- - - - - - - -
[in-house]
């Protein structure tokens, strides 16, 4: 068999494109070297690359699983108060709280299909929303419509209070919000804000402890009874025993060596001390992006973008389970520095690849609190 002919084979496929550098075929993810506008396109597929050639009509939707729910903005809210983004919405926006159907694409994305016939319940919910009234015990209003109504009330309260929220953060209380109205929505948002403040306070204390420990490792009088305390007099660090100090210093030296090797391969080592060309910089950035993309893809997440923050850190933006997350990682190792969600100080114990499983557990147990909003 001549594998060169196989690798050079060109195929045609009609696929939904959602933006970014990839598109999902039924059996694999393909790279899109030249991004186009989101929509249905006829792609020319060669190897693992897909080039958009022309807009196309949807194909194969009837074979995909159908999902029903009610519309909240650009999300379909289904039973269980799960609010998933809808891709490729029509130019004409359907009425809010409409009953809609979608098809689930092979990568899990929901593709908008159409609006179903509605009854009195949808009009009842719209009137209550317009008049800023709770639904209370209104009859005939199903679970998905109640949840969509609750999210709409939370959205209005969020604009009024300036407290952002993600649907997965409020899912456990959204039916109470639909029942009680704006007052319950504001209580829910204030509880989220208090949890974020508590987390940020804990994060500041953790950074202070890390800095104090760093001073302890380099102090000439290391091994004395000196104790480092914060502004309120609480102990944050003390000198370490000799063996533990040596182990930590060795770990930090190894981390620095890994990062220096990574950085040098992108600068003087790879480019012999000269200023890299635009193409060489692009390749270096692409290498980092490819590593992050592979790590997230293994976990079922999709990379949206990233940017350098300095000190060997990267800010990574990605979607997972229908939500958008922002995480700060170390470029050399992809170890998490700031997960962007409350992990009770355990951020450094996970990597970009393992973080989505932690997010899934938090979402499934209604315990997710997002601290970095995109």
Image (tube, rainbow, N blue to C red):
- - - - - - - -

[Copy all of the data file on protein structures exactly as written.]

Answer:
[in-house]
């Protein structure tokens, strides 16, 4: 068999494109070297690359699983108060709280299909929303419509209070919000804000402890009874025993060596001390992006973008389970520095690849609190 002919084979496929550098075929993810506008396109597929050639009509939707729910903005809210983004919405926006159907694409994305016939319940919910009234015990209003109504009330309260929220953060209380109205929505948002403040306070204390420990490792009088305390007099660090100090210093030296090797391969080592060309910089950035993309893809997440923050850190933006997350990682190792969600100080114990499983557990147990909003 001549594998060169196989690798050079060109195929045609009609696929939904959602933006970014990839598109999902039924059996694999393909790279899109030249991004186009989101929509249905006829792609020319060669190897693992897909080039958009022309807009196309949807194909194969009837074979995909159908999902029903009610519309909240650009999300379909289904039973269980799960609010998933809808891709490729029509130019004409359907009425809010409409009953809609979608098809689930092979990568899990929901593709908008159409609006179903509605009854009195949808009009009842719209009137209550317009008049800023709770639904209370209104009859005939199903679970998905109640949840969509609750999210709409939370959205209005969020604009009024300036407290952002993600649907997965409020899912456990959204039916109470639909029942009680704006007052319950504001209580829910204030509880989220208090949890974020508590987390940020804990994060500041953790950074202070890390800095104090760093001073302890380099102090000439290391091994004395000196104790480092914060502004309120609480102990944050003390000198370490000799063996533990040596182990930590060795770990930090190894981390620095890994990062220096990574950085040098992108600068003087790879480019012999000269200023890299635009193409060489692009390749270096692409290498980092490819590593992050592979790590997230293994976990079922999709990379949206990233940017350098300095000190060997990267800010990574990605979607997972229908939500958008922002995480700060170390470029050399992809170890998490700031997960962007409350992990009770355990951020450094996970990597970009393992973080989505932690997010899934938090979402499934209604315990997710997002601290970095995109």
Image (tube, rainbow, N blue to C red):